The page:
Life is Sweet for Monarchs
Insects Receive Nectar as Reward for Pollination

Did you know?

  • Adult monarch butterflies are nectarivores; they feed on sugar-rich nectar of flowers. (Monarch larvae are herbivores; they feed on the leaves of the milkweed plants.)
  • Flowers produce nectar to attract pollinators; nectar is a 'reward' for pollination.
  • Nectar is very sweet. Research shows bees prefer nectar with a sugar concentration in the 30-50% range. For comparison, Coke is only 10% sugar!
  • The amount of nectar in flowers varies greatly — and it changes with the seasons, and even with the time of day. Many flowers only produce nectar during certain hours of the day!
  • The nectar of spring flowers is usually much more concentrated than that of fall flowers. (Biologists think flowers may have evolved this higher sugar concentration of spring flowers as a strategy to attract pollinators. With the abundance of flowers in the spring, there is a shortage of pollinators. Later in the season, flowers can "get away" with watered-down nectar because pollinators are more abundant.)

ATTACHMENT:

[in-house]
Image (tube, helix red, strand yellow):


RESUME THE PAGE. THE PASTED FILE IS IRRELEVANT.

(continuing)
Try This!

  1. Watch a monarch (or other butterfly) carefully while it visits a flower. Can you observe the butterfly lowering its proboscis into the flower?
  2. Can you see any pollen on the butterfly? (Pollen usually looks like powder, and is often colorful.) Based on any pollen you see, do you think the butterfly is visiting different species of flowers?
  3. After the butterfly leaves the flower, go back to investigate. What is the shape of the flower? What color is it? If it's a dandelion or similar "weed," pick the flower and dissect it. Using a hand lens, look carefully at the anatomy of the flower, and sketch what you see. Can you find where the nectar is stored? The pollen?
  4. As the season progresses, keep a record of the different flowers that are available to monarchs and other pollinating insects. Watch for pollen on the insects' bodies. How many different pollinators do you think you can identify in your own backyard between now and the first fall frost?

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